Indiana Daily Student

Despite good intentions, MCCSC TVs elicit conflicting feedback

<p>An image of an empty classroom with a TV installed on the wall. Originally installed to provide further support for absent students, the Microsoft Teams TVs are causing confusion concerning technology’s overall purpose in the Monroe County School Corporation. </p>

An image of an empty classroom with a TV installed on the wall. Originally installed to provide further support for absent students, the Microsoft Teams TVs are causing confusion concerning technology’s overall purpose in the Monroe County School Corporation.

Originally installed to provide support for absent students, MCCSC teachers and students say the recent implementation of Microsoft Teams TVs in classrooms evokes mixed emotions and responses across the district.      

Alexis Harmon, director of educational technology and communication, said MCCSC first announced in a daily email to parents at the start of the 2021-22 school year that Bloomington High School South would begin hosting Microsoft Teams meetings in class for absent students.  

MCCSC installed 50 TVs that connect to Microsoft Teams last year at BHSS, 50 at Bloomington High School North, seven at Jackson Creek Middle School, two at Clear Creek Elementary School and two at the Academy for Science and Entrepreneurship. The remaining TVs were distributed at a couple other elementary schools, Harmon said.  

“It was a response to ensure that students were not losing access to too much instruction and learning,” Harmon said. 

Harmon said MCCSC decided to install most of the TVs in each high school to help upperclassmen earn the credits they need to graduate. The technology board thought that dual-credit and language classes could benefit from the TVs because there are a limited number of teachers available for these subjects.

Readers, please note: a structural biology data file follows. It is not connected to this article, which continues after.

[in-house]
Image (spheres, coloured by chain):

The district may install TVs in more schools as they begin to observe the impact on students, Harmon said. Implementing more technology could promote the ongoing conversation about making a full education accessible. 

However, because it is such a recent development, she said it will take time and practice to find the best use of the technology for students and teachers.  

“There’s weariness around it too,” Harmon said. “We have teachers who love it, and we have teachers who don’t.” 

While virtual participation is encouraged, Harmon said those who attend class through live sessions are still counted absent because of state regulations for attendance. Harmon described the attendance regulations as a gray area. 

Harmon said the implementation of TVs costs approximately $7500 per classroom. The equipment includes a mounted TV, a security camera, a touch screen panel device, and a computer that runs the necessary software. 

Related: [MCCSC buys Herald-Times building for nearly $3 million, no referendum money used in purchase

BHSS seniors Adrianna Waterford and Charlie Rudd said the TVs could have been convenient at the beginning of the pandemic, but they are not helpful anymore.  

They said MCCSC could have spent the money on tutoring, Wi-fi, teacher salaries or band and orchestra funding instead. Rudd said many students were confused when MCCSC first installed the TVs, but they eventually forgot about them. In fact, he said most teachers ignore them and do not encourage their use.  

Waterford said her teachers have not been enthusiastic about the TVs, which have not improved their teaching in any way. They do not push or expect students to join the live sessions if they are not feeling well enough to.